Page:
Cairns birdwing butterfly caterpillar pupation timelapse
This clip shows a Cairns birdwing caterpillar metamorphosing into a chrysalis. It was filmed in Queensland, Australia, in April, by Jurgen Freund.
The Cairns birdwing (Ornithoptera euphorion) is the largest endemic butterfly in Australia. The males can have a wingspan of up to 12.5cm, and the females of 15cm. The impressively spiked caterpillars grow to 9cm in size, and store poison accumulated from food plants in their orange spines! These spines deter birds from attacking the caterpillars.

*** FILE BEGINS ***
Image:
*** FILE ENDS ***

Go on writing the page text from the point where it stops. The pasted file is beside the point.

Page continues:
“Six years ago very near our outdoor breakfast table, we planted the native rainforest pipevine Aristolochia tagala hoping to attract Cairns birdwing butterflies to our garden. We were rewarded this year with several fussy female Cairns birdwing butterflies laying their eggs where our healthy vines were. On many breakfast mornings over several months, we watched and filmed the different stages of caterpillar growth, mostly seeing them eating the vines voraciously. Eventually, the later caterpillar batches had almost no more green leaves and vines to eat, resorting to eating the remaining stump, almost all the way down to the ground. We had a total of 18 caterpillars and 15 made it to the chrysalis stage with two chrysalis hatching into beautiful female Cairns birdwing butterflies. Truly we witnessed nature’s living miracle happen right in front of our eyes, with every stage of growth.”